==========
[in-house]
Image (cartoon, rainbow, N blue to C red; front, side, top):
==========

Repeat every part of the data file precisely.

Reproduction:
[in-house]
Image (cartoon, rainbow, N blue to C red; front, side, top):